Blog EVs Stuff Explained by Robert Pepper 26 November 2022
Why does EV range decrease with larger wheels/rims?
Electric vehicle range – how far you can travel on a charge – is a hot topic and as ever, the exact range figure will vary depending on the model of the car and even how it’s optioned, let alone how it’s driven and where it’s driven.
One surprising factor that affects range is wheel size.
Now to clarify a common point of confusion caused by vague car terms, I’m talking here about the size of the rim which is the metal bit of the wheel. When we talk of different wheel (rim) sizes, we mean the tyre width and diameter remains the same, just the ratio of tyre to rim.
So let’s take an example – the Lotus Eletre comes with 20″ wheels as standard and does up to 600km. You can option 22″ wheels but range drops the 527km, and 23″ wheels gives a range of only 492km.
And from https://toka.energy/: Tesla Model S P100D, a 19-inch tire uses about 5% less energy than a 21-inch tire. For Tesla S 60D / 75D / 90D models, the difference is almost 12%. And on the Tesla Model X P100D, the difference is even greater: 20-inch tires provide a 23.3% reduction in energy consumption compared to 22-inch tires.
So why the difference? There’s a few factors involved:
1. Extra mass, and rotating mass
Take two identical tyre/rims except for rim width. So both tyres are say 235mm wide and 750mm tall, but one has a 17″ rim and the other a 22″ rim. The 17 will be lighter, and importantly, that’s rotating mass. Now think of the car travelling 100m down the street. The wheels will have moved 100m, just like the doors, the motor and the battery. But unlike those components the wheels will also have rotated around 42 times as well as moved 100m. So, it takes energy to rotate the wheels…and that’s why rotating mass is critical. In fact, mass on the wheels takes around 1.6 more energy to move down the street than mass which is part of the body or chassis. The wheel mass is also unsprung, which isn’t good for handling but that’s not an efficiency problem.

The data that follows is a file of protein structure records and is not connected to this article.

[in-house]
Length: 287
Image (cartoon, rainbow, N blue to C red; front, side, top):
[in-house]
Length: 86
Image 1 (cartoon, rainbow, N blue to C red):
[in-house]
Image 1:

2. Tyre compound and design
You want a tyre that’s grippy in the wet, in the dry, and maybe on dirt roads. You want the tyre to be quiet, long-lasting, sharp handling, cheap, last a long time and for EVs, have a low rolling resistance so you can have a longer range. OK, now choose two or three of those, because each of them represents a compromise. EV tyres are designed for lower rolling resistance, and to handle the higher weight of EVs so fitting standard car tyres, or performance-oriented tyres will compromise efficiency and reduce range.
3. Tyre dimensions and energy use
Wider tyres handle better (on dry roads at least) and there’s a looks factor. It could well be at that aside from being lower profile, the tyre dimensions are wider (but unlikely to be taller), for example going from a 245mm wide tyre to a 255. That may well improve handling, but it’ll also increase weight still further, and add drag, both of which compromise range. In the case of the Eletre above, the 20s are 255mm wide on the front and 285 on the rear, whereas the 22s are 275mm on the front and 315mm on the rear. Yet more rotating mass!
4. Higher spec cars are heavier
The more expensive a car, the more features it tends to have, and the heavier it is. EVs deal quite well with weight, but still….heavier cars required energy to move.
What should I do with my tyres for maximum EV range?
So if you want the ultimate range from your EV, fit the highest profile (smallest rim) wheels you can, and choose the lightest wheels which are usually the forged alloy type. Then fit the narrowest tyre you can, and make sure that tyre is an EV tyre with a focus on efficiency. Ideally, the rims you fit will be aerodynamically efficient, as EVs are very sensitive to drag so improving aerodynamic slipperiness is important.
If you do the opposite – a low profile, heavy rim with a wide performance-oriented tyre – then expect your range to drop, but the car will grip the road better. As ever, life’s a tradeoff!
The video below focuses on 4X4s but explains the pros and cons of high and low profiles:
This video explains the pros and cons of wide vs narrow tyres: